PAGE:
Daily GPS track:
As the sun got up, the weather improved dramatically from the storm we had during the night. We waited a bit before leaving, and when we finally did the sun was shining. During the ride towards the first ferry the roads also dried up, so no worries about them being slippery as well.
So far we had been very lucky with all the ferries, the maximum waiting time had only been something like 10 minutes at max. For this one though, we had to wait for about 40 minutes. Not really a problem, the weather was perfect so we could just hang out and enjoy the morning sun watching fish in the fjord.
This was one of the big ferries (Jektvik - Killboghavn), so the cars were put below deck and the people could go into the cafeteria on board.
"I don’t think there’s enough room for all passengers in there!"
I found out later this ferry actually crossed the arctic circle (well, at least the coordinates 66° 33′ 44″).
Even though we didn't know at the time I still like the idea of having done this with friends.
After another section of nice riding we came to the intersection between route 17 which went south-west, and route 12 which went back east to Mo I Rana. This is where we would split ways, as Bart and Jasmin were getting back to the E6 to get to Trondheim on the same day. I wanted to follow and finish the 17. We exchanged phone numbers, promised we would try to meet up in Oslo (which we did later), and Bart set up the camera for a group pic:
Finnish people are not that small, we Dutch are just big people .
Jasmin and Bart would go the left here, I would turn right.
I remember thinking, in neither a positive or negative way, ‘so, we’re alone again’ (Even though the bike has no name, and I don’t talk to it or something like that, I tend to think of doing the trip as a ‘we’, e.g. ‘We made it!’, ‘We need to find fuel’ etc.). I never felt lonely during the entire trip, in a sense that I needed company or someone to talk to. But it still was nice to ride with someone else and share the experience while it was happening, instead of only telling about it later and show the pictures (which is still nice, that’s why I’m doing it here
Another ferry was coming up at Nesna, and I got some groceries and fuel in town first. After that, the waiting time turned out to be almost one and a half hour. Not really a chore, since the weather was amazing, so I just put the bike on the center stand and laid back on my luggage while reading my book.
After the crossing the landscape opened up, and I started looking for a place to sleep. There were fenced lands everywhere, but I eventually found a resting area at the remains of what I at the time thought to be some kind of Norwegian-Soviet prison camp. There were stones with Russian names carved in them placed on the ground, and a statue with the communist hammer and sickle was standing there as well. The place in general reminded me a bit of a concentration camp I had visited in the Netherlands some years ago, because outlines of buildings appeared visible.
I didn’t take my camera with me while checking it out, so sadly no pictures
. I wanted to come back in the morning for that, but that didn’t work out as I’ll explain in the next entry.
This 'camp' was not very far from the sea, and I found what turned out to be a cattle track going around it. I followed it and ended up pitching my tent between the camp and the sea.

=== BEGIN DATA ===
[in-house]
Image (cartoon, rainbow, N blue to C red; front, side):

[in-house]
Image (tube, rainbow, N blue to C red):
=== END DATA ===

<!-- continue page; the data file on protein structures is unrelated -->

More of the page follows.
This place was amazing, definitely another highlight of the trip. I’ll just post the pictures:
Not too close to the 'prison camp' to feel uncomfortable about it, and still slightly covered by trees but with a great view of the coast. Had to watch my step though as there was manure everywhere.
These sheep visited as soon after setting up camp, and there were no fences between me and them. So when I got spotted…
…one started running and they didn't stay for a chat.
Normally I’m not really into black and white, but is seems appropriate here.
Self-portrait in the water surface mirror.
I think I kinda like these black ‘n white edits (these were taken in color), so I’ll try to do it every now and then from now on if it seems appropriate.
Yep, this place was without a doubt another highlight.
The shallow water between the stones was mirroring the skies amazingly.
As it got later I got another visit from some more sheep, these reminded me of a Dutch sheep race, the ‘Texelaar’.
They were not afraid at all, and just passed by grazing.
The sheep were passing by, but some bad weather was approaching.
These dark rainclouds were coming straight for me so I quickly prepared and ate dinner. The winds picked up and soon became stormy, so after securing everything I got into the tent.
The rain soon started, and kept going strong throughout the night. In combination with the strong winds the tent was violently shaking back and forth, but again I had no trouble falling asleep through this (I always have difficulty sleeping at home, so I’m still surprised because of this
). Because rain and winds had been common almost every night so far, I wasn’t really worried about the next day…
Because of the ferries I only traveled 200km, with 02:30 in the seat, averaging 80 km/h. Currently 1620km away from home.
When I got home I found out the 'camp' was actually a Russian war cemetery with over 7000 dead. There were hardly any signs or anything, you would think something like that can hardly be overlooked and would be better explained on site. Or maybe I just missed it, which could easily be the case after a day of riding.